A NASA astronaut who spent more hours walking in space than any other American and also set a record for the longest spaceflight mission has retired to join the private sector, the US space agency said Monday.
Michael Lopez-Alegria, 53, flew three space shuttle missions and spent seven months aboard the International Space Station as commander of the Expedition 14 mission in 2006-2007, arriving aboard a Russian Soyuz spacecraft.
The 215-day mission, the longest single spaceflight by an American, made up a significant chunk of his total 257 days in space.
He logged over 67 hours during 10 spacewalks, more than any other American, ranking him second in the world after record-holder Russian cosmonaut Anatoly Solovyev.
He also served as NASA's director of operations at the Yuri Gagarin Cosmonaut Training Center in Star City, Russia, where he led training for American astronauts heading to the Russian space station Mir and the ISS.
"Mike has been a huge asset to the astronaut office during the course of his career," said Peggy Whitson, chief of the Astronaut Office at Johnson Space Center.
"His contributions in spacewalking, shuttle, space station and Soyuz operations are notable and very distinguished."
Lopez-Alegria will as of March 19 take over the presidency of the Commercial Spaceflight Federation from Rear Admiral Craig Steidle.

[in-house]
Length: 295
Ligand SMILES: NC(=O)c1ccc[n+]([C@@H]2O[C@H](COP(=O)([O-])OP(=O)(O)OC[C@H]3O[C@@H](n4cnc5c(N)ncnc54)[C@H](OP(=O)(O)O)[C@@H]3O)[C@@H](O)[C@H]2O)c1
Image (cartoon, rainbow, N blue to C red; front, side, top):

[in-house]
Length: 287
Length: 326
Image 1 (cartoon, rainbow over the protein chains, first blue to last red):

The 40-member federation includes providers of commercial orbital and suborbital spaceflight, spaceports and launch facilities, suppliers, and educational and research institutions.
"I have been impressed with all that the commercial spaceflight industry has accomplished and I look forward to joining the team as it continues to take important strides that are fundamental in maintaining our nation's preeminence in space," he said in a statement.
Lopez-Alegria was born in Madrid, Spain and grew up in California. He obtained advanced degrees in aeronautical engineering from the US Naval Postgraduate School and Harvard University, and speaks Russian, French and Spanish.
With the 30-year space shuttle program over since last year, the US astronaut corps has shrunk in size to about five dozen, down from its peak of 150 in 1999 at the height of the shuttle era and the building of the ISS.
Numerous former astronauts have joined the private sector to help develop the successor to the space shuttle -- a commercially built spacecraft that will once again give the United States access to the ISS perhaps by 2015.
For now, Russia is the sole nation capable of carrying the world's astronauts into space.
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